cause we have some
Our entire line of Millinery to g<
S~The Cheapest
Cannot speak; otherwise 8
It would tell its own story, N ow al
and were its organ of
speech as pronounced as thing , ifac-t
its one quality RELIABIL- tier styles an(l bet
ITY, no need of these re- ""n,"w il mtc
marks. We do not claim swviss, Persinn iv
that it will cure MYumps, 'Il,*L,"'UT" ~
Consumption, or grow hair One big ltolo
on bald heads, and in fact 2'i",lW
we do not advise mothers andr0 5O~V,Au
using it for Soothing Syrup, aeci" l 'ai
but we do claim that there T eS
is nothing better on the
market for Pain in the I4adies'.w,J
Stomach, Colic, Cholera. X7X11l s.d
Morbus, Diarrhoea and (,e1hl r d i
Dysentery. .isos
PRICE 1 5c and 25c CLOTN
(IiStt for men for
$9.hfl I00, $10.00, $l1
MUST BE A grand
IN EVERY: The Lates
N E W/ BE R R Y ''ii'""1"ke^" "r
Then following dlruggists4 req1uests the We know we can ai
holdelrs of MV U I NA conupons to bring
thom)II in t once anud secure a1bsodlit e
ly free, th regular sizo" hot th- of la C u
Great Preparat ion, MU1l1NAWIN1
For sale only by Gilder & W~eeks.
is Eclipsed ot
U G H ' S.
away the past week. No person
y elsewhere and pay a big profit
bought here for almost half the
ts. We're ahead and allow no con
i or low prices for us to follow. ' We
tve and can give a customer when
in day. We shall make the mid
Goods at first cost, including the
Voiles, Crepe de Chine and Alba
:ains or sea shore now is your chance
100 yaIrds dotted Swiss, small an( neditim dots,
125% c, worth 20C.
2(-)o yars l Fine Zephyr Ginghamn for one week
onil' 12,;"C, worth 25c-only 1o yards to a
3000 Nyrds 40 in. Colored 'Muslins, beautiful
quality, for this sale only 5c, worth 1oc
onlY to yards to a customer.
250 yards white Organdy, 2 yards wide for 25c,
wor th Soc.
3000 YaRds . 40 ii. White ,awi, for this sale only
Ioe, worth 5C
ts--All Odds and Ends in Sioin
iss Than Half Price.
2 000 'alds of Itmbroidery
LOT No, 2. 1and isertion, 5 and 6 yd.
lenigths, and scIls all over
IIhe United States tor 25e and 35c yard, your
Cloice 121.
md P. N. Corsets
And Long Waist.
60c. and 69c.
L,ai ge \'hite Bed Spreads for this week 98c, worth
0. 1oo ,arge W hite Bed 0"preads for this week 69c,
slightly soiled, for this week Ai..9, worth $2.00.
last week 450 Parasols, Natural and Mounted Handles,
t t hat isn't worth $1.5o and $2.00, Vont v:hoice for
11 andlesk wor1th $m -25 andi( $ . 50, your chi:e 790.
On S6 9 to Sanlslf or Slippers th is week
swep, 65c. 150 Sandaclsl or Slippers this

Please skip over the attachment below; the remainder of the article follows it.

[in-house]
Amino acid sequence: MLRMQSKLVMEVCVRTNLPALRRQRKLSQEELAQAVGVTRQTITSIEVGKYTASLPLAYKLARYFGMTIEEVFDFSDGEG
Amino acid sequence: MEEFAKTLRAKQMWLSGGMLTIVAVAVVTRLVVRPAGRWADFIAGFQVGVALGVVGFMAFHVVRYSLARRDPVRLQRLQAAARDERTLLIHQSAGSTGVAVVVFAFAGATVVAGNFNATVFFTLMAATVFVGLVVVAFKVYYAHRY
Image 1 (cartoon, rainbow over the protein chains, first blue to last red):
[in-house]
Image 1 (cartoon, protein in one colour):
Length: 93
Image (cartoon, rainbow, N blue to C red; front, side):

31 o Sawi:ls or Slippers this week $i .; 9.
,~ We shout about our prices be
thing to shout about.
>) at almost a song this week.
Store on Earth.
tiler Goods and Lof Prces
Copeland Brothers!
in palfew dlays in I )ress God 00.m ad Silks, somie of Ilihe new
str ok is ver la Jrge and comlet' im this depa):rtment. I >ret.
er aluIes cannlot be shown you bly any house in Newberry
or biat aniy prictes namIIedl, no0 matter fromi what. soure.
unune r I )ress uintIil you haOve seeni the beatiiful lines of
'ns l- ie I,a0wns(, Orgaies(l(, Ch1in'ions, Silk MousselinLe, ete~
g lI renmelv I .ow Picees on all.
I,awnis to go~ at ac. a yPard 'worth 8 1-3c.
(ed I ,awnus. O rgand ies andI I )imit !es at S 1-3. , worth 12 1-2.
s. O )rgambl es, I aL.ist e. at 10te a yard, worthI 5e.
f' Wite' Orgaudies, all widths, at, l0c, 12 Ae, I5e, '20e -S* 25w
anoud Gloives, in lonLg, short. aLnd miumLl length.,
ret ty '.I.a es, ki-:mbroidery andl Ri bbons.
me House of Newberry.
ordI ameI SI rap Sanu- 3 Men 's Shoes and ox fords, IPaten t
ir~ to) 63.50. All Colts, Vici and Velours from 75c. to
makes. $5.00.
>ur~ store a (nd unler The best $2.0(0, $2. 50, $. 00 anud $3.50
.m tr pac )(ked w ith Shoes on earth. ECvery p)ai r guaran
imense* line of nice New Clothing, nobby styles.
$5.00, $6.50), $7.50, j Suits fo Boys for $1.00, $I.5. $1.5
.00) and $15. 00. , $2.00, $2.50 and $3.00.
'I. he b)ought for thBetter suits can't b)e mad~e for the
anhy market. pIrice.
fATS!! HATS!!! for everybody.
display of Straw and Felt Hats,
t Styles, Prices to Suit Every One.
From 25c. to $3.00.
ay of 1H! RTJS and Men's J'Lurniishing (Goods ever shown in
aw and latest stylIes and( prices can't bo b)eat.
ort anyting tot wear' for haidie's, Men :and Children this spring.
nd1 will save you some money.
pel and Bros.
Outfitters for Everybody.